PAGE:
It is called “Pay As You Save”. It’s based on a simple premise: that the cost of installing energy efficiency measures be funded through the future savings made on that household’s energy bills.
So how does it work? The majority of home energy efficiency measures pay for themselves over a period of time.
Some are quite cheap, such as loft and cavity wall insulation or low-energy lighting.
But others are more expensive, such as suspended wooden floor insulation, new A-rated boilers and particularly solid wall insulation.
Most of us put off installing these measures, particularly the more expensive ones, because we do not think we will get the benefit. It just costs too much upfront; and given we move house, on average, every seven years, why bother?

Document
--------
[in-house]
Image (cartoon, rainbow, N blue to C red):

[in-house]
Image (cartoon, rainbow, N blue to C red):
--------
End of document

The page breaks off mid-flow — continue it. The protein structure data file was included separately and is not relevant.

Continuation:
Pay As You Save is designed to address this problem. Firstly, the upfront cost of measures, for example £10,000, is put up by a third party (such as a bank, retailer or local authority), not the consumer.
Next, your home gets its makeover, carried out by trained and accredited builders, and as a result energy usage is slashed by around half.
Then, from the savings on energy bills, a “standing charge” is repaid, every month, until the original lump sum (plus some interest) has been paid off.
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